1. Creating sensual intrigue
To most, hearing would be without question the second most important sense when it comes to video based advertising. Visually striking images can be highly captivating and there is no arguing the power of the medium for influencing its audience.
However, channels are saturated, with more adverts than ever taking up longer break periods. As a consequence, viewers senses have been numbed, their brains trained to tune off between their favourite entertainment programs.
With this in mind, there is a brilliant quote from David Ogilvy that springs to mind…
Try running your commercial with the sound turned off. If it doesn’t tell without sound, it is useless.”
However, Apple appears to have taken this theory one step further. Not only does it ensure that the messages can be conveyed without sound, but it has made it draw in viewers.
I learnt this from personal experience. When I was deep in concentration trying to cook a chicken korma on a dull Tuesday I naturally had the television talking to itself in the background…
Queue an Apple advert and the continuous droning of brands trying to sell stopped, replaced by almost silence, naturally it had got my attention. What has happened to my television set?!
The answer was nothing; it is just an incredible smart piece of adverting which grabbed my attention without grabbing at me.
2. Consistency through time and across product ranges
Too often brands lack consistency, whether that is between offline and online marketing collateral, or page by page on a website.
In fact, it is not unusual to see brands rehashing their logos, slogans and branding on a regular basis. I am always sad to see this, as familiarity is one of the most important attributes in creating brand loyalty and if a company keeps changing its image, how can an advocate remain faithful?
Apple has ensured that is not the case, you can look through advertising material from the last decade and you will always find comparable characteristics.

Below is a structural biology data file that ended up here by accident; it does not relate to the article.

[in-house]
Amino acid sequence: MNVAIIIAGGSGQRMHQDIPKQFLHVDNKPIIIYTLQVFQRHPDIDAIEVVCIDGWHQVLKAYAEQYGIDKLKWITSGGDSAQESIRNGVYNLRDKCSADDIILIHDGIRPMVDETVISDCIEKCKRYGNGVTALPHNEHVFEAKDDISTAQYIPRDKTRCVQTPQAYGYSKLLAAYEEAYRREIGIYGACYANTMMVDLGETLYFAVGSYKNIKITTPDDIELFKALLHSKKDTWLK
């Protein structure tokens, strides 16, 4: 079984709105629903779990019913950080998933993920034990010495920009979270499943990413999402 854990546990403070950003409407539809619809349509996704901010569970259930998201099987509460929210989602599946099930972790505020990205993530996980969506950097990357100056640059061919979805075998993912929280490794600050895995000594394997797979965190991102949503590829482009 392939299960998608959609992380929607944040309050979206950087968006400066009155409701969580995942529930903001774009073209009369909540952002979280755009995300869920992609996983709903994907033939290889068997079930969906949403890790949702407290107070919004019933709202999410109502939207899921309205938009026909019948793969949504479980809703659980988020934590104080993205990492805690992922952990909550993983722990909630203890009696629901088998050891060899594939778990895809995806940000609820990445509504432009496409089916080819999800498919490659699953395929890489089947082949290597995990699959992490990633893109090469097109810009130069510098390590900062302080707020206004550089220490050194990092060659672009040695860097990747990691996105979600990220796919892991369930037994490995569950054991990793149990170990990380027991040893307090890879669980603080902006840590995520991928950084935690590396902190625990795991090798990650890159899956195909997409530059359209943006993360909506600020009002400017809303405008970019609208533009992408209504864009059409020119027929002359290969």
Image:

While it moves forward and develops, there is a clear progression so there is never too much variance between models and product generations. Apple encourages brand loyalty this way.
This consistency is present in the latest collection of adverts which you can watch below on your lunch break!
FaceTime Every Day
Music Every Day
Photos Every Day
3. Inspiring, encouraging imagination and drawing emotion
With content marketing buzz at a record high, Apple should be a best-in-class example to give you inspiration.
Apple has focused on the environment that the product is used in rather than the actual products features. Whether it is someone snapping a breath taking landscape, a woman sharing relationship problems on FaceTime or someone listening to music on their bus home, they are all experiences which we can relate to, regardless of our device, language or location.
Experiences that we can relate to naturally bring out emotions, which is why emotive marketing remains one of the most powerful ways to appeal to an audience, just ask a non-profit!
Knowing that it was likely that these advertisements would be drawing emotion from viewers, I thought it would be interesting to see the impact of these adverts on social sentiment. Using Topsy I dug into social conversations (well worth a free trial if you haven’t tried it) and this is what I found.
The FaceTime advert launched on the 5th of August 2013, doesn’t look good does it…
(click image for larger version)
However, from having a closer look at the conversations it is completely misleading. In fact, the sentiment analysis tool had been segmenting words such as “cried” and “tears” as negative and completely misunderstood the conversations.
If you stop to think about it, this is the best form of social advocacy that Apple could have ever hoped for.
The first thing you are going to do when your friend posts something like this is to head to YouTube to watch it!
Before you know it, Apple has produced a marketing campaign which will snowball socially without any profiles to even distribute it. The viewers have become the distributors, every brands ideology.
What other brands have you seen using emotive advertising to its potential?